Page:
Graphic and Web designers have used Flash, animations and other Flash authored content on Web sites for many years now. While the content provided a rich experience for users, large file sizes often meant long download times, even with broadband connections. This is not something Internet users these days are willing to put up with.
In response, Macromedia has introduced several advances in Flash 8 that allow for even richer content while also lowering the file size of the finished Flash project.
One of the great things that Macromedia did with Flash 8-authored content is to offload much of the rendering work to Flash Player 8. Using tags in the Flash project, the player can now render filters in real-time as the user interacts with the project.
What this means is that Macromedia has been able to incorporate built-in filter effects like drop shadow, blur, glow, bevel, gradient bevel, and color adjust to make a richer user experience. These filters or visual effects can be applied to movie clips and text fields in the Flash project and then passed off to the player when the project is executed on a Web page.
Macromedia has tied Flash and the Flash player together in other ways to improve performance. Another new feature called Bitmap Caching allows content creators to designate any movie clip symbol as a bitmap, which gets cached by the Flash Player at runtime.
Movie clip symbols are designated as bitmaps by using the property inspector or ActionScript. These instructions are passed to the player at runtime, saving processor cycles that would typically be spent on recalculating vector shapes.
Even though the object is being cached as a bitmap, vector data is still maintained, allowing the author to convert the object back to vector again at any time.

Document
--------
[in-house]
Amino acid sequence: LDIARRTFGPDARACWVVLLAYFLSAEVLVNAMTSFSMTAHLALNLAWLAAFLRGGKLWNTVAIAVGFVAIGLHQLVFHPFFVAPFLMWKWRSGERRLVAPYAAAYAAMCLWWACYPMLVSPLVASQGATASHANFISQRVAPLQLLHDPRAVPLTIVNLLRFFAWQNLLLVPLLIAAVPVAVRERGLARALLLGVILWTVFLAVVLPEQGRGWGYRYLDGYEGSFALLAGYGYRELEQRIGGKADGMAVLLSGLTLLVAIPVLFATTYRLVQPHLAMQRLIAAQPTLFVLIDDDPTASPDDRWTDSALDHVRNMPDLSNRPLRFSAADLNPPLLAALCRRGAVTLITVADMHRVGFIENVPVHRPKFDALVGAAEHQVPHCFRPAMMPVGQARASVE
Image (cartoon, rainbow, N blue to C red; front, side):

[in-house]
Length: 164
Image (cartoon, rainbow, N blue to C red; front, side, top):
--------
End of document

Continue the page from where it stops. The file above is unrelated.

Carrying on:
Flash 8 also allows user much more control over fonts with the inclusion of the FlashType font rendering engine. FlashType allows content creators to have as much control over fonts as they have with the other elements of a Flash project.
Flash includes presets for font rendering and it provides optimizations for animated text versus higher-quality static text. The rendering engine makes text look very clear, even with small font sizes, which is a big step forward for the application.
Animators will enjoy the new Custom Easing feature, which allows the author to visually control all properties of a motion tween. It is now possible to precisely control the velocity of animated objects through a graph that provides independent control of position, rotation, scale, color, and filters.
Macromedia aimed to expand the interactive Web experience in previous releases with the introduction of Flash Video. Flash 8 continues that goal as the company adopted a new video codec and broadened the options for encoding video destined for the Web.
In addition to being added to the Flash Player, Macromedia also included a standalone video encoder in Flash Professional. Authors now have the option of using the Sorenson Spark codec or the new On2 VP6. The new On2 codec’s aim is provide a rich, interactive experience while keeping the file size at a minimum, similar to the Apple-supported video codec H-264.
The new video tools also provide developers with advanced options to optimize the quality and file size of video content.
Video in Flash 8 now allows for cue points to be embedded with custom metadata. Using the embedded cue points, events – like graphics and animation – can be triggered dynamically during playback.
Using the new On2 VP6 codec, developers are able to encode an 8-bit alpha channel in videos for real-time compositing on top of any other Flash content. The overlay video can be composited with a transparent or semi-transparent alpha channel.
A centralized video workflow is now available in one dialog. The dialog presents all available options for deploying Flash Video, whether it is via the Flash Communication Server for streaming video, via progressive download of external FLV files over HTTP or a number of other options.
Other noteworthy features
This story, "First Look: Flash Professional 8" was originally published by PCWorld.